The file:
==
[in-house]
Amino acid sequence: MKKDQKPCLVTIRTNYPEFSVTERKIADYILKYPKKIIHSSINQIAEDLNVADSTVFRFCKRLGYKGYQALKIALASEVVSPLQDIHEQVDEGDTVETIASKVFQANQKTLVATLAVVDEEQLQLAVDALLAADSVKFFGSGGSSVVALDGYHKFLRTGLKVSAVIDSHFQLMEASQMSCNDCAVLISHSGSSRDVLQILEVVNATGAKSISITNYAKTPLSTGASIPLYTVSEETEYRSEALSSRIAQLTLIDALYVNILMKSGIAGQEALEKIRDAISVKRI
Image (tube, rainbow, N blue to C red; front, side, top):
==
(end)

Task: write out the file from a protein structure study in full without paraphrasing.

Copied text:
[in-house]
Amino acid sequence: MKKDQKPCLVTIRTNYPEFSVTERKIADYILKYPKKIIHSSINQIAEDLNVADSTVFRFCKRLGYKGYQALKIALASEVVSPLQDIHEQVDEGDTVETIASKVFQANQKTLVATLAVVDEEQLQLAVDALLAADSVKFFGSGGSSVVALDGYHKFLRTGLKVSAVIDSHFQLMEASQMSCNDCAVLISHSGSSRDVLQILEVVNATGAKSISITNYAKTPLSTGASIPLYTVSEETEYRSEALSSRIAQLTLIDALYVNILMKSGIAGQEALEKIRDAISVKRI
Image (tube, rainbow, N blue to C red; front, side, top):